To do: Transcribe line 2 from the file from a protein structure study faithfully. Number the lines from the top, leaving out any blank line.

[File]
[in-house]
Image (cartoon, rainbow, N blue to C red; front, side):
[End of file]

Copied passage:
Image (cartoon, rainbow, N blue to C red; front, side):